Laparoscopic Diaphragmatic Hernia Repair

Laparoscopic diaphragmatic hernia repair

General
Diaphragmatic hernias represent a special category of abdominal hernias which are located at the natural diaphragmatic hiatus which naturally exists and permits the entrance of esophagus and great vessels from the thoracic to the abdominal cavity. When the hiatus enlarges it may allow the herniation of part of the stomach or other abdominal organs to the thoracic cavity.

 

Symptoms and diagnosis 
Diaphragmatic hernias are often asymptomatic unless they are associated with gastro-esophageal reflux (GERD). GERD usually causes heartburn, food regurgitation, pain with swallow, hoarseness and recurrent picture of asthma or pneumonia. Diagnosis is usually made by barium swallow, gastroscopy or computed tomography.

 

Procedure and postoperative course
According to Professor Raftopoulos’ experience laparoscopic diaphragmatic hernia repair is performed through five small incision 2-4 cm or 1 to 1 and ¾ inches long. During the procedure the herniated organ is mobilized and retracted back to the abdominal cavity and the diaphragmatic hiatus is reduced in size with the placement of sutures. If GERD coexists then GERD is controlled with a fundoplication. Hospital stay is usually 1-2 days. Postoperative pain is usually controlled with Paracetamol or Acetaminophen. Return to work is usually possible within 7 days from surgery.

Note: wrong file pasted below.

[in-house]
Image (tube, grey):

Complications
Laparoscopic diaphragmatic hernia repair is not usually associated with complications. Occasionally a pneumothorax may occur if the pleural space is accidentally violated during surgery. Postoperatively routine radiologic surveillance of the repair is recommended to detect hernia recurrence.

 

Dr. Raftopoulos’ experience
Dr. Raftopoulos has extensive experience in diaphragmatic hernia repair. This experience originates by the fact that diaphragmatic hernias are very frequent in obese patients and require concomitant repair during bariatric surgery. Although these repairs are technically challenging, they can be performed safely if such experience exists. In addition, Professor Raftopoulos has published his experience with laparoscopic diaphragmatic hernia repairs in peer reviewed medical journals such as the Surgical Endoscopy journal. For more information please contact our office.
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